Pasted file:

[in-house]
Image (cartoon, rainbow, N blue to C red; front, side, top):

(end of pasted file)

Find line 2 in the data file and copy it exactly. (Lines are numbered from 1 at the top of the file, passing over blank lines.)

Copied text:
Image (cartoon, rainbow, N blue to C red; front, side, top):